Attempts to discredit the Court and obstruct its work cannot be tolerated if we are serious about promoting and upholding justice globally.We understand fears of politically motivated complaints and investigations. Yet we strongly believe that the Rome Statute guarantees the highest criteria of justice and provides a crucial avenue to address impunity for the world’s most serious crimes. Failure to act would have grave consequences.

In this context, we stress the importance of all European governments firmly supporting the independence of the ICC and shielding the institution and its staff from any external pressures or threats. That includes refraining from public criticism of the ICC’s decisions, which could contribute to undermining the independence of the Court and public trust in its authority.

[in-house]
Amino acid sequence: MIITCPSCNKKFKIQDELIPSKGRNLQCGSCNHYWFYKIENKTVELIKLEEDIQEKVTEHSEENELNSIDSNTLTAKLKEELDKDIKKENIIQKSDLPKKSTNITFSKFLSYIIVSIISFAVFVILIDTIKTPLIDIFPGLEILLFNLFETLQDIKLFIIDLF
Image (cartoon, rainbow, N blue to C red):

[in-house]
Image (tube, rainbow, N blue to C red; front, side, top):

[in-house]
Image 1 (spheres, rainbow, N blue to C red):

We welcome the Biden administration’s decision to rescind the executive order and lift the sanctions against the ICC. This will set grounds for opportunities to work on strengthening international justice institutions and norms together with our key transatlantic ally.

The ICC is a vital part of the rules-based international order. Now more than ever, Europe must lead by example in protecting the Court’s independence.

Douglas Alexander, Former Minister of International Development, United Kingdom

Jean-Marc Ayrault, Former Foreign Minister and Prime Minister, France

Hans Blix, Former Foreign Minister, Former Director General of the IAEA, Sweden